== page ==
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Michael Matusik is the founder of Matusik Property Insights, has predicted that overheated property markets are set to see a correction in prices come 2015. He is a respected leader in providing conservative property predictions, so this article he wrote in the Property Observer today really took my notice.

I am going to use two of his graphs to show you why he thinks this may happen.

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The two graphics show that:

  • House prices are cyclical.  House prices go up and down according to many factors in the market. Due to the low interest rates and the ease to which people are getting loans (low rates mean repayments are more affordable),  the gains made now and into 2014 and 2015, could be eroded if prices grow too fast over the next 12 to 18 months.  Matsuik says “that some of the current price forecasts (15% to 20% for 2014 alone)  will mean, if they eventuate, a potentially big slide in prices come late 2015 and beyond.  There is really little wriggle room for house prices to move.” The predictions of growth around 15% is unsustainable in the next little while but a normal growth of between 5-8% seems more viable for an increase in house prices over the long term.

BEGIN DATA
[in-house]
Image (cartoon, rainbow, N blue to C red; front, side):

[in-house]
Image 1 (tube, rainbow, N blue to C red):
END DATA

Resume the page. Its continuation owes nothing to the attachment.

• Not all capitals are enjoying the rush.  Some  states haven’t really seen any improvement in house prices yet.  Right now the hot spots according to the report are Sydney, Melbourne and Perth and some locations (like every other cycle) will miss out.  The report also says that Hobart, Adelaide, Canberra or even Darwin  may not enjoy much house price growth this year.  In contrast, South East Queensland is in the box seat.  Perth is likely to slow.  I also think that Sydney and Melbourne will see price growth this year, but they are already ‘over cooked’.  Both markets can expect a correction – and maybe big ones – in late 2015.
  • With stubborn, high unemployment, full-time job losses and benign inflation – and despite its inflationary impact on house prices – interest rates need to fall further.  The collateral damage will be an overheated house price cycle.  This is why house prices cycle.
  • What will stop this current cycle is any rise in interest rates and an increase in mortgage defaults (which will lead to tighter lending practices).  Care must be taken not to borrow too much.

So for those in the hot markets, please take care and do your sums before you commit to buying property to ensure that you don’t overextend in your finances. Try and ask this question to see if you don’t overextend – what if interest rates rise by 2-3%, can you still afford the repayments?

I would love to hear from you to see if you agree with Michael’s predictions. If so leave a comment below.

Cheers,

James